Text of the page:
Wednesday on “St. Louis on the Air,” we gathered our political reporters to recap Tuesday’s election. The consensus: Republicans ruled the night.
“It was a Republican bloodbath, nationally and regionally,” said Jo Mannies, St. Louis Public Radio political reporter. “But it also shows that St. Louis County is definitely Democratic turf because the only two Democratic candidates — big names — who remained standing were Steve Stenger and Jill Schupp.”
Schupp narrowly won her contest against Jay Ashcroft for the 24th District Senate seat. That seat, which includes Creve Coeur, Town and Country, Olivette, Maryland Heights and Chesterfield, was one of the most expensive in the state. Both parties funneled hundreds of thousands of dollars into the race.
Stenger ended up with a 1,768 vote lead over Republican Rick Stream in the St. Louis County executive race. Stenger stopped by St. Louis Public Radio on Wednesday afternoon to talk about the election on the “Politically Speaking” podcast; part of that interview will be heard Thursday on “St. Louis on the Air.”
But the win puts Stenger in a difficult position, Mannies said.
“The guy won by over 30 points just a couple months ago, and because of the unrest in Ferguson, (the) split in Democratic ranks, just a lot of things, he’s going to have to spend a lot of time healing bridges or at least getting people to listen to him and work together in order to have a strong beginning of his tenure,” she said.
“I think Rick Stream can find solace that he probably did better than any Republican candidate for his office in a generation,” said Jason Rosenbaum, St. Louis Public Radio innovation reporter. “I think that sets him up well if he wants to run for the state senate in 2016.”
“I think Stream did offer a pattern, so to speak, for how Republicans can successfully maneuver in St. Louis County,” Mannie said. “It kind of sets the stage for kind of how to be a class act and actually move forward.”
If there is a recount, neither Mannies nor Rosenbaum expect it to make much of a difference.
“I think the margin is too big for (Stream) to overcome,” Rosenbaum said.
Elsewhere in Missouri
“I think it was incredibly damaging for the Democrats in Missouri,” Rosenbaum said. “They lost enormous amounts of ground in traditionally Democratic strongholds in Jefferson County (and) southeast Missouri, and they are now completely wiped out in northeast Missouri.”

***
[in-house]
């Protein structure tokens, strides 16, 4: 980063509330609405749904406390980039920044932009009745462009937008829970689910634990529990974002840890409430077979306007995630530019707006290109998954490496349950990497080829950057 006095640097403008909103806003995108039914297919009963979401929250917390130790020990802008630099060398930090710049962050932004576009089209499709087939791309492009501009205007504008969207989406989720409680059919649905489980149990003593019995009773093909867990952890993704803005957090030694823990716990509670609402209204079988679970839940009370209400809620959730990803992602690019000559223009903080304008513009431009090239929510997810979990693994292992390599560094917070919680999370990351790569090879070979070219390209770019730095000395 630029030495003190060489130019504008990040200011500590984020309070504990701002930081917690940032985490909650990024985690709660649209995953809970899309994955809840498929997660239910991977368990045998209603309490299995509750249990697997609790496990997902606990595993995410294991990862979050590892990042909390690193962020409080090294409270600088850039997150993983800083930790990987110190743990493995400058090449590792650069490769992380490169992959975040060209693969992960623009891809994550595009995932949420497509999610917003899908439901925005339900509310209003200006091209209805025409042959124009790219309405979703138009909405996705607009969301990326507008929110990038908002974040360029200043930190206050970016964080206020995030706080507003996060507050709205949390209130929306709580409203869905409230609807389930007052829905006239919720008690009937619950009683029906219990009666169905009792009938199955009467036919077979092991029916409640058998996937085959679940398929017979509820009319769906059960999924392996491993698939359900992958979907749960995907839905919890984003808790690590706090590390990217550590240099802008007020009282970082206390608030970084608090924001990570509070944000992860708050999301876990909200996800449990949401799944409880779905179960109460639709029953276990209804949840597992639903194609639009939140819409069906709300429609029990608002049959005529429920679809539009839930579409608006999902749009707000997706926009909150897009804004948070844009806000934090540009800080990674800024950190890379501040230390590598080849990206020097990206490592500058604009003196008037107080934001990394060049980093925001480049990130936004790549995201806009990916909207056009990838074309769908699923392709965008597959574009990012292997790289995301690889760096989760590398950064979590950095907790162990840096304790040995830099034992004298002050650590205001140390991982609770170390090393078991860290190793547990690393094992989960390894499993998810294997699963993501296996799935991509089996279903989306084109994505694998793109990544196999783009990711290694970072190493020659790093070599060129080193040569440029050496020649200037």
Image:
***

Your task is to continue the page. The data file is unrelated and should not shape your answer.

In Jefferson County’s race for the 22nd District Senate seat, Rep. Paul Wieland, R-Imperial, easily defeated Rep. Jeff Roorda, D-Barnhart. Wieland also defeated Roorda in 2010 in a race for a state House seat. Roorda, who also serves as the business manager for the St. Louis Police Officers Association, gained attention in recent months for helping raise money for Ferguson police Officer Darren Wilson, who shot and killed Michael Brown in August.
“It was definitely a very good night for the Republicans statewide,” said Marshall Griffin, St. Louis Public Radio’s Missouri statehouse reporter. “The supermajority, which was just barely a supermajority, is now a very strong supermajority in the House. There was even one pick-up in the Senate. (Republicans) have a very comfortable supermajority in the House.”
Rep. John Diehl, R-Town and Country, was expected to be named the House’s speaker-elect on Wednesday afternoon.
Half of the state’s constitutional amendments were approved. Amendment 10 may be the most controversial of those amendments.
“That particular amendment will limit (the governor’s) ability to withhold money from the state budget,” Griffin said. “Specifically, it will allow House and Senate members to override withholds. That brings up the question: Can the governor just withhold the money again?”
“The state constitution requires that the state end each fiscal year with a balanced budget, and it gives the governor the responsibility of making sure that it’s balanced,” Mannies said. “If the General Assembly decides they don’t want to cut this, they don’t want to cut that, they don’t want to cut the other, so then they override all these withholds, well then he’s got to withhold money from somewhere else. It’s not like Congress where they can balk at it and then it just becomes a deficit. In Missouri, it can’t happen.”
In Illinois, traditionally a strong Democrat state, a Republican won the governor’s office.
“It proves in a lot of ways, crazily given that we will now have a Republican governor taking over in Illinois, how very blue the state of Illinois is,” said Amanda Vinicky, Illinois Public Media’s Illinois statehouse reporter. “Some of these other races where you had expected even Republicans like Judy Barr Topinka to soar — she came in really darn close, so it shows how very Democratic Illinois is. Except, of course, when you have a candidate with a whole lot of money and a really unpopular governor, as we did with Pat Quinn.”
Chicago businessman Bruce Rauner unseated Quinn to become the state’s first Republican governor since 2002.
“It’s going to be one of the more interesting times in Illinois politics going forward,” Vinicky said. “Especially with a Republican governor who wants right-to-work and who had gotten an anti-union campaign in this very Democratic and union state. It’s going to be very fun.”
South of Springfield, Republican Mike Bost knocked off incumbent U.S. Rep. Bill Enyart for the 12th District seat.
“St. Louis on the Air” discusses issues and concerns facing the St. Louis area. The show is produced by Mary Edwards and Alex Heuer and hosted by veteran journalist Don Marsh. Follow us on Twitter: @STLonAir.